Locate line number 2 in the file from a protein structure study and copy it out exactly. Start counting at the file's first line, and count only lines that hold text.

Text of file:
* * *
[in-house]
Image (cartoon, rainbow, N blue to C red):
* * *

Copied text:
Image (cartoon, rainbow, N blue to C red):